Charles is not the first new-ageist I’ve met. He is, however, the most confused. Even the collection of hippies and Scientologists who congregate around Los Angeles are able to articulate what they want. For the Christian, this means salvation; for the Jew it is the eternal blessing, to the Buddhist it is enlightenment, and to the Scientologist it is to “improve his [or her] life.” The articulated desire or end of faith is as important to the religious adherent, indeed to the religion itself, as the construction of the respective deity. To ask for material “blessings” from Buddhism makes little sense. To ask for enlightenment in Christianity makes little sense – indeed, is impossible given the wide space left for mystery (especially as it regards the third member of the Trinity, the Spirit of God). What is more, to not know the desired outcome of faith is dangerous not only spiritually but emotionally and psychologically. Dr. Phil has made a career out of helping his clients and viewers self-actualize. As he puts it in his book Self Matters (2001), if an incongruency exists between our actualized self (which knows what it wants) and our fictional self (which either does not know what it wants, or has chosen to ignore those desires for some reason), that incongruency “is what leads you to feel that your life is incomplete, unbalanced, and altogether more difficult that it really should be.”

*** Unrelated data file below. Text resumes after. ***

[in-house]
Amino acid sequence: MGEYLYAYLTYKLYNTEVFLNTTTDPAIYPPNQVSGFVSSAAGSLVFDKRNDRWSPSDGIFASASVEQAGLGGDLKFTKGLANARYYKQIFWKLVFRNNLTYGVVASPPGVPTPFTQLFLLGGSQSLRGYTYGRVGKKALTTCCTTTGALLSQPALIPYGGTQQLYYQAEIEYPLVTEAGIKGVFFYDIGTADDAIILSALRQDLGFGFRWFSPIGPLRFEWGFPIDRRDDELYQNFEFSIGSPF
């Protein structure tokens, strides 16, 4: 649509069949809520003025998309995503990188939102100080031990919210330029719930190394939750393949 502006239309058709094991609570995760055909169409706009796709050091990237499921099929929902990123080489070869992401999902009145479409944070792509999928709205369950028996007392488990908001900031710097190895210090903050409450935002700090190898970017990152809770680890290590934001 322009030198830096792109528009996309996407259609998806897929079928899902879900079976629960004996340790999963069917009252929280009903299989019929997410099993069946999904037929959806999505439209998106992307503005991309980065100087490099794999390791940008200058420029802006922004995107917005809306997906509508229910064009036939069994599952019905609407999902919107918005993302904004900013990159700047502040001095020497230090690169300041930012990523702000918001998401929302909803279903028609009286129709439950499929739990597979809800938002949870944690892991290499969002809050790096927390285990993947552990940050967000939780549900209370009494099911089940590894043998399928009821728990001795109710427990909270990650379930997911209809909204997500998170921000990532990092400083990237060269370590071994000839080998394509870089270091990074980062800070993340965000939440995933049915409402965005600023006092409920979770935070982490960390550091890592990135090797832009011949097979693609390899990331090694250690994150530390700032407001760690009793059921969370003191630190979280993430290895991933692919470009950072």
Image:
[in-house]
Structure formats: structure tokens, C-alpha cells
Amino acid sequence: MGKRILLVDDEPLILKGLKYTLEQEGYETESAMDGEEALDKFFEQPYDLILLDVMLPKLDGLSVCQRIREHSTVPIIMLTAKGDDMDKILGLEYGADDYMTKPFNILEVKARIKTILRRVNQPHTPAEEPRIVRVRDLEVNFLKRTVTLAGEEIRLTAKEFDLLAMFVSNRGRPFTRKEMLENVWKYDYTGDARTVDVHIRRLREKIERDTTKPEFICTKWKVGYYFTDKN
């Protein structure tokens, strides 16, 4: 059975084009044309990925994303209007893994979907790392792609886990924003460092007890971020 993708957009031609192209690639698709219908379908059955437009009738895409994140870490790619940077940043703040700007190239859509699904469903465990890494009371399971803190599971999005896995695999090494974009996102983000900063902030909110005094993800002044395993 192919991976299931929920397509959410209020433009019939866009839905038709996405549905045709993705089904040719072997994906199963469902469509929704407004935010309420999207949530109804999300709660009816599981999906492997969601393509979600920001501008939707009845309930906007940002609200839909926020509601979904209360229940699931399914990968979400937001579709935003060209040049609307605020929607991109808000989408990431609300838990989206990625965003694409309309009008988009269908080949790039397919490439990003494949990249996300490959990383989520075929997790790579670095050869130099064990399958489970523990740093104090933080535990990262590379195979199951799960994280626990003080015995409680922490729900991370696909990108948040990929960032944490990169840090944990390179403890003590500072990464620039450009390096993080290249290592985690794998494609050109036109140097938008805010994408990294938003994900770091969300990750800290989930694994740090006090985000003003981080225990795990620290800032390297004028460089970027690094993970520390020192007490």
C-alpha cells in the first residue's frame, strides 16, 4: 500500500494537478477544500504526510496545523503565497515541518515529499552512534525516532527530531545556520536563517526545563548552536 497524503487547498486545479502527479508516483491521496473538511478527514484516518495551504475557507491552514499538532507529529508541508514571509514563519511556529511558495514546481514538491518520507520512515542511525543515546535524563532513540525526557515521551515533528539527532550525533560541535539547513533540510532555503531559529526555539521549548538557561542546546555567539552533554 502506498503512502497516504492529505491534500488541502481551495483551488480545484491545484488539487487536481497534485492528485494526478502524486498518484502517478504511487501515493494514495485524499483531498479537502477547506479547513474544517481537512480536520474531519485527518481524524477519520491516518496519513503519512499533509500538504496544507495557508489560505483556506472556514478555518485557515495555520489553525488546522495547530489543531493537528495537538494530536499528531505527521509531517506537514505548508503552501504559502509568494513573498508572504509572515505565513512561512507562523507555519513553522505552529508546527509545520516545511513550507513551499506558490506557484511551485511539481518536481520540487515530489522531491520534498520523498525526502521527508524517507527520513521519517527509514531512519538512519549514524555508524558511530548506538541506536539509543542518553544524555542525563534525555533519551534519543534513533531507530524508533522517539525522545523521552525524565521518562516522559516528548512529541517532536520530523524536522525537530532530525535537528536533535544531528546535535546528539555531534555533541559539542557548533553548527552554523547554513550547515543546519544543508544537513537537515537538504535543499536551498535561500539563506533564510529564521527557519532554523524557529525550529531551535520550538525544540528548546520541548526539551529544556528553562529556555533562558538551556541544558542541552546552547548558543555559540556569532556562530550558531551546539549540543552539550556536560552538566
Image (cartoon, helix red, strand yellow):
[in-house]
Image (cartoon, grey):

Put another way, if you don’t know what you want and what you’re working towards, don’t be surprised when it doesn’t come about. The research that came out of the concentration camps of World War II revealed not only stellar leaps in medicine and science, but psychology as well. It was determined and confirmed categorically that prisoners who were tasked with moving a hill of dirt from one of the camp to the other repeatedly and without explanation, simply gave up the will to live. Without purpose, the repetitive tasks wore down their souls. Without purpose, they succumbed to the chaos and either topped trying – which caused the Schutzstaffel to execute them – or their bodies shut down, making them increasingly susceptible to disease, malnutrition, infection. As numerous psychologists who have reviewed the papers that came out of the camps have concluded, not having something to believe in, to hope for, and to direct yourself towards isn’t just a case of apathy. It can literally kill you from the inside out.
So much for that “perfect soul” theory Charles put forward.
But our ideas stemming from World War II don’t end there.
And neither does the conversation about and with Charles.